On December 9, 2020, the US Patent and Trademark Office (Office) published some final rules in the Federal Register. For the most part, these rules codified existing Patent Trial and Appeal Board (PTAB) practice relating to whether and how the PTAB institutes an inter partes review (IPR) or a post-grant review (PGR) proceeding, and to the ability of a petitioner and a patent owner to address a PTAB decision on institution.

In one area, the Office amended the rules of practice to change PTAB treatment of testimonial evidence that a patent owner might present in a preliminary response prior to a decision on institution. Now, there will be no presumption in favor of the petitioner if the patent owner’s pre-institution testimonial evidence presents an issue of fact. The amended rules may make patent owners more willing to present testimonial evidence to oppose institution of an IPR or a PGR.


When IPR and PGR proceedings began under the America Invents Act (AIA), patent owners were not allowed to present evidence in a preliminary response opposing a petition to institute an IPR or a PGR. In April 2016, the Office published rules allowing patent owners to present testimonial evidence with their preliminary response. As part of these rules, there was a presumption in favor of the petitioner if the patent owner’s testimonial evidence created a genuine issue of material fact. That presumption only existed for purposes of deciding whether to institute an IPR or PGR.

While the 2016 rules made it possible for patent owners to present testimonial evidence as part of their efforts to prevent institution of an IPR or PGR, the presumption made a number of patent owners less willing to present such evidence. Without the evidence being given the consideration it would get in an IPR or PGR proceeding, patent owners were concerned about showing their hand too early, to little effect.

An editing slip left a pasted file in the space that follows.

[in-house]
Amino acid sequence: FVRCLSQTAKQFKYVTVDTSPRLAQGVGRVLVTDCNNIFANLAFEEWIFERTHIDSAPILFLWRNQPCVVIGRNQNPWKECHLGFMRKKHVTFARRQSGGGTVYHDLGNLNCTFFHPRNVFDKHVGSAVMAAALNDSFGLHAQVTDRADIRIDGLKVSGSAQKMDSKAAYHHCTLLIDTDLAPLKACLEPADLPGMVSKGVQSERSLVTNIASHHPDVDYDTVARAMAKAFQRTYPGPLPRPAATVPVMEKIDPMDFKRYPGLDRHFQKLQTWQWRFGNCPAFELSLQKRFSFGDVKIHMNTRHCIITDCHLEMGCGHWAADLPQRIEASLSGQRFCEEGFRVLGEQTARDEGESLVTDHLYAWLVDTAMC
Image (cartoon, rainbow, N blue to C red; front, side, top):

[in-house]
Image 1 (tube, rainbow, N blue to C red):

Removing the Presumption

Before the new amendment, 37 C.F.R. §§ 42.108(c) and 42.208(c) read, in pertinent part (emphasis added):  “The Board’s decision will take into account a patent owner preliminary response where such a response is filed, including any testimonial evidence, but a genuine issue of material fact created by such testimonial evidence will be viewed in the light most favorable to the petitioner solely for purposes of deciding whether to institute [a] review.” The amendment deletes the italicized words.

In commenting on the amended rules, the Office acknowledged that a petitioner carries the burden to meet the standard for institution of an IPR or a PGR, per 35 U.S.C. §§314(a) and 324(a), but noted that the deleted words, giving a presumption in favor of a petitioner at the institution stage for this class of evidence, may lead to results that are inconsistent with this burden.

The Office said that the change in the rules will enable any testimonial evidence that is part of a patent owner’s preliminary response to be taken into account as part of the totality of the evidence. This testimonial evidence will be treated similarly to other evidence for purposes of institution.


It will be interesting to see how patent owners react to the amended rules. Will they submit more testimonial evidence to try to avoid institution in the first instance? The new rule may make it worth reconsidering how much of their hand a patent owner wants to show. After all, IPRs and PGRs are expensive for patent owners. If submitting broader testimonial evidence can provide a better chance to avoid institution, patent owners may decide to oppose institution more broadly than before.